In our new weekly feature, Doc Talk we're talking one-on-one with Medical Director of Emergency Medicine, Geetanjali Srivastava from Valley Children's Hospital.
We're talking about what could be a major threat to children -- their toys!
Every year, emergency departments around the county treat more than a quarter of a million toy-related injuries.
1. What are some things we should be concerned about in some of the traditional toys?
- New toys for children under 8 should be free of sharp glass or metal edges
- Make sure they can't shatter
- Checked stuffed animals for removable small eyes or noses
- Check for small, removable squeakers (avoid close contact with people who are sick - and when YOU are sick, you're your distance from others)
Cords and Strings
- They pose strangulation risks for infants and young children
- Never hang toys with long strings, cords, loops or ribbons in cribs or playpens
2. Nowadays we see more electric toys... what are the dangers with those?
- Electric toys like trains can sometimes overheat. Not recommended for children younger than eight
- Watch for small parts that can come dislodged - like screws
One of the most dangerous items for a child to ingest is a button battery
They're found in small toys, like ones you get from fast food restaurants, singing greeting cards, other smaller items. As soon as they enter the body, they begin to disintegrate, causing internal damage.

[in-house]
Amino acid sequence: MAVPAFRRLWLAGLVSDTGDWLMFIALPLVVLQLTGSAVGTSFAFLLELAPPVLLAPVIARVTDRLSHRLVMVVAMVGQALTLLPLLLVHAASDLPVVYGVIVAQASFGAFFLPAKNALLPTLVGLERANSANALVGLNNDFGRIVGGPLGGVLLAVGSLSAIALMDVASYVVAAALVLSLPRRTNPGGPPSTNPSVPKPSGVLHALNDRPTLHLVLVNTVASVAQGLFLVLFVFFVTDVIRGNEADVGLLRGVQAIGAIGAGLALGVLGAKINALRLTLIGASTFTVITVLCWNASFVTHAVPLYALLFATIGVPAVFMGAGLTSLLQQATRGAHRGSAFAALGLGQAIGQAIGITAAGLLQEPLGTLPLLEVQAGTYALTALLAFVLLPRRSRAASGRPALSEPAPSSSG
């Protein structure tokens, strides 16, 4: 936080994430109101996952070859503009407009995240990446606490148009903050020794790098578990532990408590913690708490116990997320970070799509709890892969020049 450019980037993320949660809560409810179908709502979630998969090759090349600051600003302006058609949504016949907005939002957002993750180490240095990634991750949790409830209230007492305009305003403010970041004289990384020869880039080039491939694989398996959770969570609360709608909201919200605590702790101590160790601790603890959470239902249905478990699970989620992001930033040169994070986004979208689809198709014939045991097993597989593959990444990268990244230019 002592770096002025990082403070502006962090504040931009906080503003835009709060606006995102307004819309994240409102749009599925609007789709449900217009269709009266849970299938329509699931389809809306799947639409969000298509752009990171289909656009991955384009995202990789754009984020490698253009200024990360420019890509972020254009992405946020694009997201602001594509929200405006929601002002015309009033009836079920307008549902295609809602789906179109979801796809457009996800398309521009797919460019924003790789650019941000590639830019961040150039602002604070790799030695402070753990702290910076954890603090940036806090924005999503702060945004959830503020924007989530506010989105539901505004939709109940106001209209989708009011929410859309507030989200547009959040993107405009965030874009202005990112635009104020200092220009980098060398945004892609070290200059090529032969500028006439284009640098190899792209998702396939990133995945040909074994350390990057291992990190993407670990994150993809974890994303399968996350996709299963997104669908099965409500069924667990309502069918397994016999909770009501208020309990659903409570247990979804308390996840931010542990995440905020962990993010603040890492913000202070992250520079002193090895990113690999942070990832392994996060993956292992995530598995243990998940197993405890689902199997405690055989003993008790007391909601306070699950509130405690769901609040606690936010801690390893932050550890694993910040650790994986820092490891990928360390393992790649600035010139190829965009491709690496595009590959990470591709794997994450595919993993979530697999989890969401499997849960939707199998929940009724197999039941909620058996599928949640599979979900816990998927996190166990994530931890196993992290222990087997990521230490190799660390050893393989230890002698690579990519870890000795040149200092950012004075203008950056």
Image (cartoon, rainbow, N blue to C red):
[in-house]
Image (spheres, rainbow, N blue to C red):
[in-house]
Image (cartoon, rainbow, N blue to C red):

3. How can parents help their children avoid choking and strangulation?
Cut up food
- Toddlers' food should be in tiny pieces
- Children's under five shouldn't eat small, round or hard foods - including pieces of hot dogs, cheese sticks, or chunks of hard candy, nuts or grapes
- Keep kids upright
- They should sit up while eating, not while lying down or playing on the floor.
- Place small objects out of reach
- Get on the floor and see what's at your child's eye level
- Remove small items you can reach - anything that can fit through a toilet paper roll
- Keep small objects like buttons, jewelry, coins and stones out of reach
- Be on the lookout for magnets
- Keep small magnets away from kids
- Regularly inspect games or toys that include magnets to make sure they're not loose or missing
Doc Talk: Choking Hazards for Children
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